According to our State of Content Marketing report, close to half of marketers and business owners say short-form video content performs best:

"which video formats perform best?" graph results

Short-form videos include FAQs, product demos, customer reviews, event highlight reels, and previews.

For example, the podcast “This American Life” shares 30-second snippets from its hour-long shows on social media:

an example of 30-second snippets from “This American Life” on Twitter

This snackable content makes it easy for users to tag their friends in the comments to help generate interest in the full episodes.

Short videos aren’t just for social media marketing, either. They now appear everywhere brands have a presence.

For example, you could use one on one of your site’s landing pages to demonstrate a product or service in action. Like Shopify Plus:

Shopify Plus’s landing pages

The video provides a quick overview of how the service works for potential customers.

And just like infographics, these videos should get the message across quickly to hold your audience’s attention.

5. Interactive Content

Interactive content invites users to complete one or more actions. To encourage engagement. 

Polls, games, and quizzes are all interactive snackable content examples.

They can also help you gather information about your target audiences. 

That way, you can better tailor future snackable content to their preferences.

Here’s a Twitter poll from HubSpot showing what we mean:

an example of Twitter poll from HubSpot

The brand used the poll to spark conversation and lead into a related episode of HubSpot’s podcast where users could learn more.

Another example of interactive snackable content is Instagram’s question stickers. 

Here’s one from Duolingo India encouraging users to share their current streak on the app:

an example of Duolingo India using Instagram’s question stickers on Instagram Story

You can also use interactive content on your website.

Here’s a great example of an image slider from Under Lucky Stars that shows what cities would look like without light pollution:

an image slider from Under Lucky Stars

Having interactive content like this can inspire, engage, and inform users. And set you apart from the competition.

Why Use Snackable Content in Your Content Mix?

Snackable content can be made quickly. So you can publish more content in less time.

Why does this matter?

Because our State of Content Marketing report shows that marketers and business owners say publishing content more frequently is key for success.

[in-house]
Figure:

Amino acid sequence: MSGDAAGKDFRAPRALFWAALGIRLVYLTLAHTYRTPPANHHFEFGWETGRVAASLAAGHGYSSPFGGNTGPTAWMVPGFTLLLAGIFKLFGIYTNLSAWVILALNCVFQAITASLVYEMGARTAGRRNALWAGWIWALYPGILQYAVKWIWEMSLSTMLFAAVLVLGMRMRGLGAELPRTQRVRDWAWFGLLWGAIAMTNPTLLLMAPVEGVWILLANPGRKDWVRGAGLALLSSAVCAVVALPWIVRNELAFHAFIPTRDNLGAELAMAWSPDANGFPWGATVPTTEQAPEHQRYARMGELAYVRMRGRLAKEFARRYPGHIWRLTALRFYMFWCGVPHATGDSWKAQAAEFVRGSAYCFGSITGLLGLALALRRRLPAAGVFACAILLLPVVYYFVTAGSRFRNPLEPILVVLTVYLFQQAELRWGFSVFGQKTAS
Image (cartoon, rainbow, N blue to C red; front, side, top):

"What factors lead to success in content marketing" question from State of Content Marketing report

And snackable content works because it:

  • Helps express your brand’s personality: Content like memes and GIFs reflect your values, sense of humor, and more
  • Effectively delivers information: Snackable content is concise and accessible—even on the go
  • Provides a better user experience: Different people consume content differently, so snackable content helps to meet certain users’ preferences

Plus, snackable content can be used to drive users to your longer content.

One isn’t necessarily better than the other. You likely need both for a successful content marketing strategy.

Tips for Creating Attention-Grabbing Snackable Content

An effective snackable content strategy is visual, relatable, optimized for mobile, and data-driven. 

When you create your own, follow these tips:

Combine Visual Elements with Text in Social Posts

Researchers have said for decades that half of our brains are devoted to vision. But adding text provides another layer of context to help users quickly understand your message. 

This Pinterest guide even suggests using a text overlay to help more people discover your posts.

Here’s an example of how we included additional text with a meme in a tweet to make it relevant to our intended audience (while injecting humor):

an example of tweet by @semrush about digital marketing industry

Quote graphics are another good option. And can be some of the most shareable content on social media.

Some creators and influencers have built huge followings with them. 

Here’s one from poet and illustrator Rupi Kaur:

an example of Instagram post by poet and illustrator Rupi Kaur

Tip: If you’re going to repost a quote from someone else, make sure they actually said it before you share. Quote Investigator can help.

Whichever style you choose for your visuals, make sure they’re aligned with your brand identity and audience.

Pick One Message to Focus On

Focus your snackable content on one clear idea. To make sure people don’t get mixed signals.